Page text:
Another aspect of sustainability is how design choices will translate to potential resale value. An essential consideration for this particular house was that the clients might want to sell it down the road. TPF edited choices so that they could be adaptable to future tastes and trends while still delivering exactly what the clients wanted today. To accomplish that, TPF balanced high-end fixtures against a cabinet finish that looked like wood but happened to be laminate. They splurged on hardware and pulled back on other elements without compromising the overall aesthetic feel in the home.

One of the most striking examples of this approach is in the master bathroom, which looks to be fully marble. In reality, the tiles are porcelain, which was more cost-efficient. To achieve such a luxurious look, TPF made sure the tile setter laid everything out so the veins matched up, which made it feel like a solid slab of stone. Unlike marble, the tiles won’t age or patina. They don’t have to be resealed like marble either, so the low-maintenance aspect delivers additional value and durability.

“Stone technology has come so far that it really helped our budget to use porcelain instead of marble,” shares Erika. “If you have a specific style or look, we will explore if there’s a different way to achieve it with a more practical or cost-efficient solution. At the end of the day, the execution of the vision and its livability has to be spot-on.”


Moments for Livability

Moments are what bring TPF’s spaces to life. In this home, the master bedroom closet is designed around a layered gold leaf-plated lamp that casts a warm light through layers of its artichoke silhouette. TPF added an ottoman in the middle of the closet that looks beautiful and also offers a utilitarian experience of being a great place to put on your shoes. They also brought in overhead vanity lighting. “Our goal was to make a statement that there is something distinct about this room,” explains Erika. “It doesn’t just have to be a room with shelves to store your clothes; it can have special details.”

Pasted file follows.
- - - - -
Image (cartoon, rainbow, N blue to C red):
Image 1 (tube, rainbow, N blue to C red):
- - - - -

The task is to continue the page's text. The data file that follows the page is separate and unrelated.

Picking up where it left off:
In the months since we have adjusted to COVID-19, interior design has changed. TPF’s clients need defined spaces for home offices where they can close a door and take Zoom calls. They also need spaces where their children can do virtual school all day and not be distracted.

In this house, the client knew they needed a home office before COVID-19 and knew they didn’t want to convert a bedroom to an office. TPF worked with the builder, Tanner Construction, to put in a wall and a pair of glass doors to enclose a space for an office or study. “We took what was essentially the formal dining room and transformed it into a private office,” notes Erika. “The home already had a breakfast room and a large island, so it worked for our program to utilize this space in another way.” This change also brought the opportunity to create a focal wall in the living room. An oversized smoky mirror on the wall and a mid-century console balance the scale and ground the space.

The project was under construction when COVID-19 shutdowns peaked, so TPF pivoted on a few design details accordingly. One such pivot was the addition of a home gym in the garage. “COVID-19 has changed how we work and live in our homes, which means it has also changed how we design for our new way of life,” explains Erika.